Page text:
Wednesday, April 2, 2003
Bickering over collaborative membership likely at meeting
The Cincinnati Black United Front members want out of the "collaborative agreement."
The Fraternal Order of Police wants them in.
And City Council wants them out, but only if they take their lawyers with them.
Have a scorecard handy?
The big commotion at today's City Council meeting is likely to be Councilman David Pepper's attempt to have attorney Ken Lawson removed from the agreement on police reform.
Lawson says City Council is trying to muzzle him, and has taken to the airwaves on black-oriented radio stations urging people to protest at City Council today.
Pepper's argument is this: Lawson represents Kyle Ciminillo, a (white) University of Cincinnati student allegedly shot by police with a beanbag round during an out-of-control Stafford Avenue street party last May.
That lawsuit argues that the city should pay Ciminillo more than $500,000 for failing to follow the reforms in the agreement.
But Lawson, as a party to the agreement, is partly responsible for implementation of that agreement.
So if the Black United Front breaks away from the "collaborative agreement" because of a conflict of interest - its pursuit of a national boycott of Cincinnati - Lawson should go, too, Pepper argues.
The Fraternal Order of Police, another party to the police reform agreement, has never been overly cozy with the Black United Front.
In a motion filed with U.S. District Judge Susan Dlott Tuesday, FOP lawyer Don Hardin said the front's withdrawal will turn the agreement into a "sham."
After all, the whole reason the FOP voted for the agreement was the front's promise that it would be held mutually accountable for the community side of police-community relations.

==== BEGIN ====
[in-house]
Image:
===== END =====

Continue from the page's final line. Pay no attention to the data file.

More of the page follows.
And the city administration's response to this mess?
Solicitor J. Rita McNeil failed to file one by Tuesday's deadline.
Campaign trail: The Hamilton County Republican Party hasn't submitted a lineup card yet, but clubhouse sources say the starting nine for the GOP in the November City Council election will be heavy on right-handed batters:
John Connelly, 31, lawyer, Mount Washington; Terry Deters, 45, funeral director, West Price Hill; Pat DeWine, 35, lawyer, Hyde Park; Leslie Ghiz, 33, lawyer, Hyde Park; Tom Jones, 57, printer, North Avondale; Sam Malone, 32, banker, Bond Hill, Chris Monzel, 34, engineer, Winton Place; Barb Trauth, 55, artist, Hyde Park; Pete Witte, 34, small-business owner, West Price Hill.
GOP Chairman Michael Barrett did not return several phone calls. If the Republicans run nine, it would be the first time the GOP has run a full slate of candidates in at least a decade.
The Supremes: Cincinnati city Prosecutor Ernie McAdams Jr. has joined the list of lawyers seeking an appointment to the Ohio Supreme Court.
McAdams, 51, said he applied at the request of the Cincinnati Black Lawyers Association, which was dismayed that the 10 initial applicants for the seat were all white.
"I don't want to talk about it now," McAdams said. "I was quite honored to be asked. But I know it's a long shot and I'm very happy with the job I have."
McAdams, who doesn't deny judicial aspirations at some point in the future, is also one of the few Democrats to apply. Gov. Bob Taft will make the appointment, assuming the U.S. Senate confirms current Justice Deborah Cook to a seat on the U.S. Sixth Circuit Court of Appeals.
Bachelor No. 5: Councilman Pepper, a 31-year-old lawyer at a top Fourth Street law firm, finished a disappointing fifth in WCPO-TV's "Cincinnati's Most Eligible Bachelor" poll last November, a tie-in to "The Bachelor," a series on ABC.
But he must have impressed Andrea Canning, the Channel 9 reporter who did the segment. Pepper took Canning as his date to the Cincinnati Fire Department's 150th Anniversary Ball at the Cincinnati Museum Center last Saturday.
City Hall reporter Gregory Korte can be reached at 768-8391 or email@example.com.
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